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27th March, 1513 was opened Florida peninsula

On the 27th of March, 1513 Spanish explorer Juan Ponce de Leon landed on the peninsula which is called Easter la Florida. Over time, due to inattention of cartographers or other unknown reasons, the word Easter disappeared from the name. Now peninsula is marked on all maps as Florida.

When you open a topographic map of North America and descend into the south-easterly direction, you can find this peninsula. To the west it is washed by the waters of the Gulf of Mexico, from the east - by the Atlantic Ocean, and the Straits of Florida to the south separates it from the island of Cuba. The peninsula is 115 000 sq. km.

The first mention of the peninsula and mysterious water appeared at the end of the XVI century in the letter of the priest Hoonah Ortiz, who was taken prisoner by the Indians. In his address to Juan Ponce de León - governor of the island of Haiti and Puerto Rico - he was told that the Indians had a source of unimaginable power, which they call the Fountain of Youth. According to the priest, the water from this source cures all diseases, makes people more beautiful, returns youth and Indians pray for it. After receiving the letter, de Leon made ​​every effort to find this place.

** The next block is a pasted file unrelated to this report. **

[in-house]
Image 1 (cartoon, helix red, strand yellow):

On the 27th of March 1513, On Easter Sunday, the ships of de Leon landed on the shores of the land, which still was not marked on any map. Travellers were astounded of the magnificence of these places (coast was full of flowers) and called this land Easter la Florida, which translates as "Easter Flower." If we trace the route of the trip on the map, you can notice that the expedition stopped on the Atlantic coast of Florida (now here is the town of San Augustine). In memory of the discoverer in the city center is a monument to Juan Ponce de León.

But de Leon failed to find the Fountain of Youth. In this regard, he decided to organize a second expedition in 1521 and this time landed on the coasts of Florida from the Gulf of Mexico. According to the information that had de Leon mysterious lake was 20 miles north- east of the place where today is the port of Charlotte Harbor. Accompanied by a group of soldiers, he waded swamps and jungles to the fountain of youth. However, the Indians attacked intruders to the sacred lake: de Leon was killed in battle.

Once again people began to talk about the miraculous water only in the early XIX century. There was a lot of speculation about the location of the Fountain of youth, until in 1942 Jonas Miller, secretary of the Smithsonian Institution made ​​an announcement that the source is indeed located in the north -west of Port Charlotte and is called Warm Mineral Springs.

This Day in History 27-03-2014